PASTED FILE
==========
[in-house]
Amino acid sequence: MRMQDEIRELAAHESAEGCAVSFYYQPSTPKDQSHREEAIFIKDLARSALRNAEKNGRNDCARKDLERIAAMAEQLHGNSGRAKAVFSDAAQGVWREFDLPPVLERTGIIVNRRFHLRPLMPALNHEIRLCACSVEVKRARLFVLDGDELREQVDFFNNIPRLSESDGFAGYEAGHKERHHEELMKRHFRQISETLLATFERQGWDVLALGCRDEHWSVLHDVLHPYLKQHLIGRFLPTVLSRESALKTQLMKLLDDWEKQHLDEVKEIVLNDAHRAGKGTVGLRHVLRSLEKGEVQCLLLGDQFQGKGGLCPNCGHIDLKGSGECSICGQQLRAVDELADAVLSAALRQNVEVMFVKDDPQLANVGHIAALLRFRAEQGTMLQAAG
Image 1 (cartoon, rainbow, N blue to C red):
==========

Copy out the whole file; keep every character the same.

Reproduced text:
[in-house]
Amino acid sequence: MRMQDEIRELAAHESAEGCAVSFYYQPSTPKDQSHREEAIFIKDLARSALRNAEKNGRNDCARKDLERIAAMAEQLHGNSGRAKAVFSDAAQGVWREFDLPPVLERTGIIVNRRFHLRPLMPALNHEIRLCACSVEVKRARLFVLDGDELREQVDFFNNIPRLSESDGFAGYEAGHKERHHEELMKRHFRQISETLLATFERQGWDVLALGCRDEHWSVLHDVLHPYLKQHLIGRFLPTVLSRESALKTQLMKLLDDWEKQHLDEVKEIVLNDAHRAGKGTVGLRHVLRSLEKGEVQCLLLGDQFQGKGGLCPNCGHIDLKGSGECSICGQQLRAVDELADAVLSAALRQNVEVMFVKDDPQLANVGHIAALLRFRAEQGTMLQAAG
Image 1 (cartoon, rainbow, N blue to C red):